Louis Erickson: I was jumping ahead a little bit, but one of the things ... I started a blog once and never actually finished it. But I said, " Create a great place to work, fire people." And it was meant to be a bit provocative because you certainly don't want to be flippant about that kind of thing. Once we hire somebody, we've made a commitment to them. But it's never easy to fire somebody, even if they deserve it. We have an instafire. If you lie on your timesheet here at Bit-Wizards, it's an instafire event. It's theft. If you bill an hour you didn't, it is theft.

Dan: Yes.

Louis Erickson: And I don't care who you are, there's no coming back from that. If you get caught doing that, you're terminated. And so if somebody does something like, they're terminated. They did it to themselves. But it's not like you don't remember that they have families and this could hurt them and you might feel bad about it. But the worst situation is when you have a wonderful person, who's a hard worker and has a great attitude, but they can't do the job. But you also have to let those people go too. In the early days, I didn't learn that lesson. And we'd say, " Oh, man, that person is well-loved. But, man, they're messing things up. Customers are getting upset." We're having to clean up the mess. And then we would eventually let them go. And people come by my office and say, " Thank you." Because that person they'd be like, " Oh, man, I'm so glad." Just a fictitious employee, Joe. " Joe, man, he was so awesome. I love it when he's at the parties. He's the life of the party." And so, " Yeah, Joe's going to be on your project next week." " Oh, man, you kidding me, right?"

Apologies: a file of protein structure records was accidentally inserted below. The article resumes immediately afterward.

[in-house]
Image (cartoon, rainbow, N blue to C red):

Dan: We love Joe, but we don't want to work with Joe.